By Jennifer Ives
A burning flag hangs in the darkness between protesters with fists defiantly raised, and stone-faced policemen behind riot shields. Certainly an iconic image, and one instantly recognized as divisive and representative of turmoil and protest.
But why is flag burning such a provocative act? Why do so many people seem to instinctively view it as dishonorable or shameful?
Many argue that it is simply an act of freedom of speech, a stance supported by the Supreme Court in multiple cases. Others argue it is a direct insult to any number of people, from the military, to public servants, even to or private citizens themselves.
In actuality there are a few specific psychological phenomena at play when it comes to flag burning and people’s emotional reactions to it.
A national flag representing more than just a national identity is because of its citizens’ identification as patriots. Patriotism of course refers to individuals’ sense of emotional connection or identification with their homeland country.
It’s frequently promoted to demonstrate not only your loyalty, but to emphasize group identity with your fellow citizens. Patriotism can create a sense of connection and bonding with those around you.
And your national symbol, in this case a flag, is a way of demonstrating and displaying your connection and involvement in this group.
This is part of what psychologists refer to as an in-group out-group bias effect, where people instinctively seek to be part of a social group. Once identified with one, they begin to prefer that group and dislike competing groups.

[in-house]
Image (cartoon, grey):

Think of it like opposing baseball teams, or class years. It can be fun and beneficial to compete with other groups, but if anyone does something that can be perceived as insulting towards your group, it quickly becomes an angering action, regardless of its practical harm to you.
Actions like burning a flag that you identify with feel on some level, like a personal insult and attack to your identity. That is why so many people, President-elect Trump included, react irrationally and suggest illegal and overreaching punishments like loss of citizenship in response to flag burnings, and why this is a subject where emotional responses always overwhelm the dialogue.
Many argue that the flag represents our nation, the idea of it, and that’s why it’s so important to assign special protections and honors towards it. I disagree.
A nation, our nation, is not just an idea or ideal we strive towards. It’s also the actions we perform as individuals and as a whole, here and overseas. We are accountable for that, and while striving to do better should live up to that ideal.
And if we aren’t, we have a responsibility to call each other out on it. Burning that symbol is an effective way to do that. It gets people’s attention.
And for groups that already feel outcast or not supported by their nation, it’s a public and visible way to emphasize that feeling. It can be a way of upping narrative tension when trying to incite public action.
The importance of honoring the ideal of a nation will never mean more than the actual violation of real individuals’ rights and dignity due to the system that exists and functions under that flag with impunity.
We should never be so proud of our group identity that we seek to preserve it above all else, to the point of threatening to strip individuals of their citizenship if they disagree.
Disagreement is a vital part of improving our nation, continuing to develop and become better. We must become better.